Senior figures in the US Republican Party have condemned Donald Trump in the strongest possible terms, after his remarks about groping women were made public.
Former governor of California Arnold Schwarznegger released a statement on Twitter, saying that for the first time he "became a citizen in 1983, [he] will not vote for the Republican candidate for president."
But Nigel Farage, Ukip's interim leader, insisted that while Trump's comments were "ugly", women also made remarks they would not want to see reported.
Farage, who is in St Louis, Missouri, to support Trump during the second televised presidential debate said: "Look, this is alpha-male boasting. It's the kind of thing, if we are being honest, that men do. They sit around and have a drink and they talk like this.
"By the way, quite a lot of women say things amongst themselves that they would not want to see on Fox News or the front page of a newspaper. I'm not pretending it's good – it's ugly, it is ugly."
Trump made the derogatory comments during a recording of Access Hollywood in 2005.
In the three-minute recording, released on Friday (8 October) Trump, who was at the time newly married to his third wife Melania, describes a failed attempt at seducing a married woman and goes on to describe how his fame allows him to kiss women if he wants to.
" I just kiss them. I don't ask," he says. "Grab them by the p***y. When you're a star they let you do it. You can do anything."
Trump subsequently issued a video apology in which he dismissed the comments as "locker-room banter."
Now, more than 150 Republicans, including Schwarzenegger, have withdrawn their support for Trump's presidential campaign, with many calling for him to withdraw from the election and be replaced by his running mate Mike Pence.
What Trump's critics are saying
Senator John McCain: "Donald Trump's behaviour this week, concluding with the disclosure of his demeaning comments about women and his boasts about sexual assaults, make it impossible to continue to offer even conditional support for his candidacy."
Condoleezza Rice: "Enough! Donald Trump should not be president. He should withdraw."
US congressman for Utah, Jason Chaffetz: "I'm out. I can no longer in good conscience endorse this person for president. It is some of the most abhorrent and offensive comments that you can possibly imagine."
Ohio Governor John Kasich: "I will not vote for a nominee who has behaved in a manner that reflects so poorly on our country. Our country deserves better."
Idaho Senator Mike Crapo said: "I have reached a decision that I can no longer endorse Donald Trump. His pattern of behaviour leaves me no choice. I urge Donald Trump to stand aside."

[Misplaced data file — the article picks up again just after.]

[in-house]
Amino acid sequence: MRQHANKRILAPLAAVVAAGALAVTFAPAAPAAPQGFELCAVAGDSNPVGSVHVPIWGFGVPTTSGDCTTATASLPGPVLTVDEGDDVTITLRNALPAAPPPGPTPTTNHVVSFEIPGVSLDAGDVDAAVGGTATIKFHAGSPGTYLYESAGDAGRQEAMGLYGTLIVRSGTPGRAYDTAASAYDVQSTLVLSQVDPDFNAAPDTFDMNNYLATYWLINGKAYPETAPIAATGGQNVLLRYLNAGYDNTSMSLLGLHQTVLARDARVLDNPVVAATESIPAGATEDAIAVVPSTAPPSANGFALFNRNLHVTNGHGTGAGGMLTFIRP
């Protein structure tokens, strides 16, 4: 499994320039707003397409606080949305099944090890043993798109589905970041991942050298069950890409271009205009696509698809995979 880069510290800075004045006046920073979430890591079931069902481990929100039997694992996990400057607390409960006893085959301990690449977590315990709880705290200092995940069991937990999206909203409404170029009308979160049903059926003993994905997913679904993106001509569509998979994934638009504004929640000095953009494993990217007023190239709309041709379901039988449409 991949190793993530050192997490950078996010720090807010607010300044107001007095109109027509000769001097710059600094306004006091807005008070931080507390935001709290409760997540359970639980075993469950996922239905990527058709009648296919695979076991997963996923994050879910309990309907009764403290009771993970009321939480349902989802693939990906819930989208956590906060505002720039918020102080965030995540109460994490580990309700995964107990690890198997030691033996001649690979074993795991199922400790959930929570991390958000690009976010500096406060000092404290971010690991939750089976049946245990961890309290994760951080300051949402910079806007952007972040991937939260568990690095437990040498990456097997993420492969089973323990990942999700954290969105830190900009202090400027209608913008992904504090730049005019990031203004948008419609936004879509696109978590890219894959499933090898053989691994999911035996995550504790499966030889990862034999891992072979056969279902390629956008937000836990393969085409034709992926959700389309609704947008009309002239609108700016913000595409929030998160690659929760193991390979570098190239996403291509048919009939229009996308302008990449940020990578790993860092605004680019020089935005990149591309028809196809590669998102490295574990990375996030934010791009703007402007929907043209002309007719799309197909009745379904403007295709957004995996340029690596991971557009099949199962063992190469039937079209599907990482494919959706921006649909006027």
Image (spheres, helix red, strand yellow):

Carly Fiorina, former Republican presidential candidate and Hewlett-Packard chief: "Donald Trump does not understand me or my party. I ask Donald Trump to step aside and for RNC to replace him with Governor Mike Pence."
Senator John Thune of South Dakota: "Donald Trump should withdraw and Mike Pence should be our nominee effective immediately."
Alaska Senator Lisa Murkowski: "I cannot and will not support Donald Trump for president. He has forfeited the right to be our party's nominee."
Senator Shelley Moore Capito of West Virginia: "As a woman, a mother, and a grandmother to three young girls, I am deeply offended by Mr Trump's remarks, and there is no excuse for the disgusting and demeaning language. Women have worked hard to gain the dignity and respect we deserve. The appropriate next step may be for him to re-examine his candidacy."
Many others have not gone as far as to withdraw their support, but have condemned his behaviour.
Mike Pence, Trump's presidential running mate: "As a husband and father, I was offended by the words and actions described by Donald Trump."
Sarah Palin, former governor of Alaska: "Disgusting, shameful, totally disrespectful 'locker room' garbage, privately shared between two Hollywood playboys over a decade ago."
Former Florida governor Jeb Bush: "No apology can excuse away Donald Trump's reprehensible comments degrading women,"
Former presidential nominee Mitt Romney: "Hitting on married women? Condoning assault? Such vile degradations demean our wives and daughters and corrupt America's face to the world."
Senator Marco Rubio of Florida, who has endorsed his former Republican presidential rival: "Donald's comments were vulgar, egregious and impossible to justify. No one should ever talk about any woman in those terms, even in private."
Texas Senator Ted Cruz, who only recently backed Trump: "These comments are disturbing and inappropriate, there is simply no excuse for them."
Republican Party chairman Reince Priebus: "No woman should ever be described in these terms or talked about in this manner. Ever."
House Speaker Paul Ryan: "I am sickened by what I heard today. Women are to be championed and revered, not objectified."